The density functional theory (DFT) calculations were performed with Gaussian 16 [28] at the Université de Sherbrooke with the Mammouth supercomputer supported by Le Réseau Québécois De Calculs Hautes Performances. The cif file from X-ray crystal structure for [Cu(μ2-C≡CC6H5)]n have been used for the calculation. The DFT (ground and triplet states) calculations [29,30,31,32,33,34,35,36,37,38] were carried out using the B3LYP (unrestricted B3LYP for the triplet) method. The 6–31 g* basis set was used for C, H atoms. [38] VDZ (valence double ζ) with SBKJC effective core potentials were used for all Cu atoms [39,40,41,42,43,44].

X-Ray Structure Determination (CP2)

A clear light-yellow prism-like specimen of CP2 was measured on APEX DUO system equipped with a TRIUMPH curved-crystal monochromator and a Mo Kα fine-focus tube (λ = 0.71073 Å). A total of 797 frames were collected. The frames were integrated with the Bruker SAINT [45] software package using a wide-frame algorithm. The integration of the data using a monoclinic unit cell yielded a total 11,415 reflections to a maximum θ angle of 26.44° (0.80 Å resolution), of which 4492 were independent (average redundancy 2.541, completeness = 99.5%, Rint = 9.33%, Rsig = 11.28%) and 2791 (62.13%) were greater than 2σ(F2). Data were corrected for absorption effects using the multi-scan method (SADABS). [45] The structure was solved and refined using the Bruker SHELXTL Software Package, using the space group C 1 2/c 1, with Z = 8.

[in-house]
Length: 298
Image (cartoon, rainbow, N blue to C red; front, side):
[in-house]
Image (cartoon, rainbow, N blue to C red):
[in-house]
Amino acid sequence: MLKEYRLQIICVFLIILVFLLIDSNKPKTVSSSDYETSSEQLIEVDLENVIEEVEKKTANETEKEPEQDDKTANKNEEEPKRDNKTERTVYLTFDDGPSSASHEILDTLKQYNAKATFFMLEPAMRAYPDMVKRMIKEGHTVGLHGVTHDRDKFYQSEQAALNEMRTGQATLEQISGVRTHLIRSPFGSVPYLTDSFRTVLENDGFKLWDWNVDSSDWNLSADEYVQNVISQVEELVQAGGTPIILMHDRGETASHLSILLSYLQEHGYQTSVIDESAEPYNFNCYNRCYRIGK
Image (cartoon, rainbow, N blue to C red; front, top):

Results and Discussion

When L1 is reacted with NaCN in various stoichiometric ratios, the known coordination complex L3 and MeSC6H4C≡C (as Na+ salt, which becomes MeSC6H4C≡CH in the presence of humidity) are observed by 1H and 31P NMR, and ESI-TOF, depending upon the initial L1/NaCN ratios (1:1, 1:2, and 1:3; Scheme 1). The resulting solution contains unreacted L1 for the ratios 1:1 and 1:2, but the conversion is completed for a ratio of 1:3. Conclusively, despite the believed notion that the trans-Pt(PR3)2(C≡CC6H4X)2 motif is robust (X = functional group; R = aryl, alkyl) [46], the MeSC6H4C≡C moieties can be displaced with an excess of CN‾ ions. Consequently, different CPs are then anticipated to be formed when the counter cation is the Cu(I) metal in comparison with that is reported for CuX salts (X = I, Br, Cl) [22, 23].

Scheme 1

Reactivity of L1 with NaCN: i) MeCN/MeOH, in 1:1, 1:2, 1:3 L1/NaCN ratios

This is indeed the case (Scheme 2). Two CPs were identified in the reaction mixture along with a small amount of L2, which remains soluble in the solvent. This latter ligand was characterized by mass spectrometry, IR and Raman spectroscopy, and chemical analysis (the details are placed in the SI). Single crystals for the first product were exhaustively separated from the powder mixture under a microscope and analyzed. The X-ray structure data reveals that a CP of general formula [CuCN([trans-Pt(PMe3)2(C≡CC6H4SMe)(C≡N)])]n (CP2) is formed (Figs. 2 and S20, Tables S1 and S2). This CP consists of a typical 1D zig-zag (CuCN)n chain bearing pendent groups, L2 (Fig. 1) [47,48,49,50,51,52,53,54,55,56,57,58,59,60].

Scheme 2

Reactivity of L1 with CuCN: i) MeCN at 70 °C, 1:3 L1/CuCN ratio

Fig. 2

Representation for a fragment of the 1D zigzag chain in CP2. Colour code: yellow = S, silver = Pt, sky blue = N, brown = Cu, orange = P, black = C. H atoms are removed for clarity (Color figure online)